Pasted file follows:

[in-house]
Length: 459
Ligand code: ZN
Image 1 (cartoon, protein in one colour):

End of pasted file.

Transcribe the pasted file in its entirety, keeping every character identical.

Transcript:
[in-house]
Length: 459
Ligand code: ZN
Image 1 (cartoon, protein in one colour):